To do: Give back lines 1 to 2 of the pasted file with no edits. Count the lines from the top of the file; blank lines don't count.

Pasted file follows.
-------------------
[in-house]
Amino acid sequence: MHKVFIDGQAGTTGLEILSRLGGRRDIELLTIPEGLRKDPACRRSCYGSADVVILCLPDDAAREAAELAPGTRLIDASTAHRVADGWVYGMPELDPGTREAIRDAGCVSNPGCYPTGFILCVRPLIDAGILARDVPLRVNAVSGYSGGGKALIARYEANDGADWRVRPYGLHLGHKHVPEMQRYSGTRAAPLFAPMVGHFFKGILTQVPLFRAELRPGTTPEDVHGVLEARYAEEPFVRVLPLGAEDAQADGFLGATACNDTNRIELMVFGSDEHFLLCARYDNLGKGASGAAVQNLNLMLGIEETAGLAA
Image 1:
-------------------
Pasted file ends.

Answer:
[in-house]
Amino acid sequence: MHKVFIDGQAGTTGLEILSRLGGRRDIELLTIPEGLRKDPACRRSCYGSADVVILCLPDDAAREAAELAPGTRLIDASTAHRVADGWVYGMPELDPGTREAIRDAGCVSNPGCYPTGFILCVRPLIDAGILARDVPLRVNAVSGYSGGGKALIARYEANDGADWRVRPYGLHLGHKHVPEMQRYSGTRAAPLFAPMVGHFFKGILTQVPLFRAELRPGTTPEDVHGVLEARYAEEPFVRVLPLGAEDAQADGFLGATACNDTNRIELMVFGSDEHFLLCARYDNLGKGASGAAVQNLNLMLGIEETAGLAA